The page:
springsteen-basie-marqueeBy September, a new electronic marquee should be hanging over Monmouth Street, theater officials say. (Click to enlarge)


The familiar sight of a man using a long pole to change the names of the acts on the Count Basie Theatre marquee will soon be a memory.

The Red Bank venue, which recently earned historic landmark status, is heading into what CEO Numa Saisselin calls the “Let’s Face It” phase of a multimillion dollar, multiyear renovation project.

It starts with an updated marquee and will finish with a new facade, one that will nod to the building’s past, he says.

basie-facadeAn architect’s drawing shows how the new marquee and facade will look. (Photo by Dustin Racioppi)

The borough zoning board last night gave approval for the theater to bring its classic marquee into the 21st century by replacing it with one that includes two light-emitting-diode (LED) boards to display upcoming shows.

Purists need not be alarmed, Saisselin says.  The neon “Count Basie Theatre” portions now positioned along the top edge of the marquee will be part of of the new one, he syas, and the overall design will be unchanged.

“It’s going to look like it does right now, only better,” he says.

Of course, that will cut out the frequent task of manually changing the letters on the marquee. But there will be plenty of work to be done in the coming months.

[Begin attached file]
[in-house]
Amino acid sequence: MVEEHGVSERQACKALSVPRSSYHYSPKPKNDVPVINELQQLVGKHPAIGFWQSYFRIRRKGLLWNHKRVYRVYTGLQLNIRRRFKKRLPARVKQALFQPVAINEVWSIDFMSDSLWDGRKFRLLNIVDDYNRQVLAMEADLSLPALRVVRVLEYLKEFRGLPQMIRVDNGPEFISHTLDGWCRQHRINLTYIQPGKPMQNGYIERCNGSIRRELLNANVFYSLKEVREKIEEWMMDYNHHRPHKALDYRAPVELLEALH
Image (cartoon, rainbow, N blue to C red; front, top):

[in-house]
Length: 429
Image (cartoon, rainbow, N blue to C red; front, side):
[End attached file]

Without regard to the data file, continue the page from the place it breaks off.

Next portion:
Edward Mislavsky, a building contractor, said the face of the building is getting a makeover that will include new windows, rehabbed storefronts and more exposed brick, which is now covered over. In addition, awnings above the marquee will get dumped. That project has been approved for a while now, Mislavsky told redbankgreen.

Basie officials anticipate the $2 million project to be completed by September. The theater will remain open throughout, Saisselin says.

Once this phase is done, there will be a more steps taken to get the theater up to the level of glitz officials envision. The air conditioning system, box office, bathrooms, lobby and stage are all slated to get their fair share of work done to them in the years ahead, Saisselin says.